Narendra Modi to consider cheap loans, free accidental insurance coverage to small businesses: Report
The government may also ask banks to open a special window for increasing the credit flow to small businesses, which will ensure greater availability of loans.
The Prime Minister is trying to placate a key voter bloc ahead of a general election due by May
Small business groups have been critical of the Modi government in the past year after many firms were squeezed by demonetisation
After election losses in five states last month, the government announced GST concessions and tweaked e-commerce policy in favour of small traders
Prime Minister Narendra Modi is considering offering cheap loans and free accidental insurance coverage to millions of small businesses, two government sources with direct knowledge of the matter said, as he tries to placate a key voter bloc ahead of a general election due by May.
Small business groups have been critical of the Modi government in the past year after many firms were squeezed by a shock move to ban high-value currency notes in 2016, followed by a hasty implementation of a nation-wide goods and services tax (GST) that raised their compliance costs.
In a bid to win them back, and following election losses in five states last month, the government run by Modi’s Bharatiya Janata Party (BJP) recently announced GST concessions and tweaked an e-commerce policy in favour of small traders.
More measures are now being planned, said the sources, who declined to be named as the information was not public.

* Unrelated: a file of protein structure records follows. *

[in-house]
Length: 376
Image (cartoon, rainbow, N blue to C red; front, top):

A spokesman for the Ministry of Finance did not immediately respond to an email seeking comment.
The sources did not quantify the amount the series of measures would cost the government, as details are still being worked out.
The government is working on offering a discount of 2 percentage points on loans for businesses with annual sales of less than 50 million rupees ($701,754), the sources said, and would compensate banks for costs.
Small businesses with a top credit rating can get loans from banks at about 9-10 percent, while lower-rated businesses can be charged around 13-14 percent.
But only about 4 percent of the 70 million small enterprises in India have access to bank credit, said Praveen Khandelwal, secretary general of the Confederation of All India Traders (CAIT).
He said 30 percent of their loans come from the country’s shadow banking sector, while more than half are provided by private money lenders at rates as high as 25 percent a month.
One of the sources said the government may also ask banks to open a special window for increasing the credit flow to small businesses, which will ensure greater availability of loans.
The government is also planning to provide free accidental insurance coverage of up to 1 million rupees to small businesses with annual sales of up to 100 million rupees, the sources said.
“Employees of small traders may also get discounts on opting for state-backed insurance schemes,” one of the sources said.
The government has not yet decided if the moves would be announced before the interim budget on 1 February, the sources said.
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